From distributors in the New York market, there are currently about 450 single malt expressions available. Thus, there were about 2000 more expressions bottled in Scotland last year. If you go to any of the great whisky stores in Scotland, blindfold yourself and pick a bottle off the wall like you're playing pin the tail on the donkey, you have about an 80% chance of plucking something off the wall which is not being imported into the U.S.
The big question: Why is so much good whisky being kept out of the states?
The simple answer: Bottle size and back label requirements.
An enormous amount of Scotch is bottled in 70cl (700ml) bottles. This bottle size is not accepted by the BATF. So unless the distiller, brand owner, or importer/distributor in the U.S. wants to afford the expense of a small and unique bottling run for the U.S. market, the bottles cannot come to the U.S.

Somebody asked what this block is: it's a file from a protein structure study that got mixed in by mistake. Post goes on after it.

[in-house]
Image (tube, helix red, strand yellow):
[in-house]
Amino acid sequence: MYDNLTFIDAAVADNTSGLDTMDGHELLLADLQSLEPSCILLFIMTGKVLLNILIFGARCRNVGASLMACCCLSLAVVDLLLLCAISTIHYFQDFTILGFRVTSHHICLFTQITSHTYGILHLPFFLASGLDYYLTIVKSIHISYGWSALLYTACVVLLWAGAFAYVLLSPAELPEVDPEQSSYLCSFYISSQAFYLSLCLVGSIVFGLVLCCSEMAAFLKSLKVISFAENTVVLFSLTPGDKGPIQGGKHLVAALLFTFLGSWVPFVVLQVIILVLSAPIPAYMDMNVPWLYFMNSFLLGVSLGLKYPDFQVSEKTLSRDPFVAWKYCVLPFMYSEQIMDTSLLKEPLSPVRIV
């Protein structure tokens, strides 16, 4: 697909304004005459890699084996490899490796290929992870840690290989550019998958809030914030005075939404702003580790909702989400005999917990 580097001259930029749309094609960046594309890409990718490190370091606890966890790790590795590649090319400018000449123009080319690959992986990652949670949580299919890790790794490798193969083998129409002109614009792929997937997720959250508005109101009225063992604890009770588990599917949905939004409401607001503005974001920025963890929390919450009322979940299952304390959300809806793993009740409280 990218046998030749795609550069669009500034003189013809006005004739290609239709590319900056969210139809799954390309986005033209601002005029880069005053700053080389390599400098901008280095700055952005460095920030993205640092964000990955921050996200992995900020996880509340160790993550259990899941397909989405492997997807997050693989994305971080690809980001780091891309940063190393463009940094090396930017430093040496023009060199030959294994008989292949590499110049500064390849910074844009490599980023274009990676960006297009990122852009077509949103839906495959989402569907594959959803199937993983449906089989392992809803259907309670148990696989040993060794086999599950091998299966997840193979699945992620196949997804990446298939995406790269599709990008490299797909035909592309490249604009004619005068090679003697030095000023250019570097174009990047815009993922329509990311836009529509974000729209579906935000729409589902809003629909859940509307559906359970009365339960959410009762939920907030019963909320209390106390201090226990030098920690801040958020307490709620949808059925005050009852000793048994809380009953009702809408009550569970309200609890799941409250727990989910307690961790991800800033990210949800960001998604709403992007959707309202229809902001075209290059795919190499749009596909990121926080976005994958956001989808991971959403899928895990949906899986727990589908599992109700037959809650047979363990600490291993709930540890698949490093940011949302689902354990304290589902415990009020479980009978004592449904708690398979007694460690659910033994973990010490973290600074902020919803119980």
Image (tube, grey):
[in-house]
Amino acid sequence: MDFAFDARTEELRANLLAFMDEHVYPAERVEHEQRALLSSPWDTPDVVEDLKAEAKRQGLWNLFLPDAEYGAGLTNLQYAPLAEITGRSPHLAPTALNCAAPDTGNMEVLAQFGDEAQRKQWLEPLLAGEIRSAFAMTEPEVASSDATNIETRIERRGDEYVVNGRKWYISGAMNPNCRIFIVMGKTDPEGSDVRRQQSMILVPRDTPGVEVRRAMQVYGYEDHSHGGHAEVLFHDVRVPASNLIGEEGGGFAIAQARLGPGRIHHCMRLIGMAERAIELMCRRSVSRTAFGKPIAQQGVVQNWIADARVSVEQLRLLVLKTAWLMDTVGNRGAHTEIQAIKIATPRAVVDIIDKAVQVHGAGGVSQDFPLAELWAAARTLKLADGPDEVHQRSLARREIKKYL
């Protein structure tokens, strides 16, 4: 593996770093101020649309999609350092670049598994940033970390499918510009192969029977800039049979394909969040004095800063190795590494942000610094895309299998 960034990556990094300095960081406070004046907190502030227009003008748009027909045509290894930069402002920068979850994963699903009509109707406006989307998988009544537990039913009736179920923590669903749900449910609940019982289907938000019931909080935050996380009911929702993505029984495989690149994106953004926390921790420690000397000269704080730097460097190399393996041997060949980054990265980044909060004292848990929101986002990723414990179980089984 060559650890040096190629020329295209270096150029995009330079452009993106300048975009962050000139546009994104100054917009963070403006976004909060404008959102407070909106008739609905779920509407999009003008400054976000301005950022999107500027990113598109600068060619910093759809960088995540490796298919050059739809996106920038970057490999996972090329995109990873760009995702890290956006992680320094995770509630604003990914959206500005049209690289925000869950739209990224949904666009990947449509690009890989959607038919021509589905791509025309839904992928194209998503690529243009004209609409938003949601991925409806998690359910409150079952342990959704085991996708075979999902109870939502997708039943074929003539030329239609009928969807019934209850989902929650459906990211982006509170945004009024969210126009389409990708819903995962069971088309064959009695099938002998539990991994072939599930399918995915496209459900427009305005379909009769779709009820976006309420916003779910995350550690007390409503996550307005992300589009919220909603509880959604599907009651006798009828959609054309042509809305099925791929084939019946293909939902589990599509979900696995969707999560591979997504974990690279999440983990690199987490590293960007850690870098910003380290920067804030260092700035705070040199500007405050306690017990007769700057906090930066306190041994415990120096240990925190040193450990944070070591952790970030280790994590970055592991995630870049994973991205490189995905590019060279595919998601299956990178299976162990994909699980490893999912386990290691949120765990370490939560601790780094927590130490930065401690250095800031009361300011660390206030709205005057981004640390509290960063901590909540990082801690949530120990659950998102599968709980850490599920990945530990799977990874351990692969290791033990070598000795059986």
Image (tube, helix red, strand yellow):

For all bottles of wine & spirits for **** in the U.S., there is also the requirement of a back label which, in my humble opinion, requires the unnecessary prose about drinking too much of it minimizing our ability to safely operate a tractor while increasing our chance of getting pregnant. So the same distiller, brand owner, or importer/distributor also faces additional costs for a separate labeling run.
And this is just at the federal level. The importer/distributer must pay to have the front and back label of each bottle approved for each market they want to sell the bottling in. If they want to be in all 50 states, they pay for 51 label approvals - one for each state and one for the feds.
The label situation alone explains why the cost of single cask bottlings are more expensive than general bottlings such as Glenlivet 12, Macallan 12, Glenmorangie 10... Once there labels are approved, they're more or less good forever unless they change their label.
Anyway, any bottling you buy in a 70cl bottle is not something that can come into the U.S.
Edradour, 10 Yr, d'Yquem Sauternes cask finish is an incredibly interesting dram which isn't brought into the U.S. The other thing to look for are bottlings from mothballed and lost distilleries.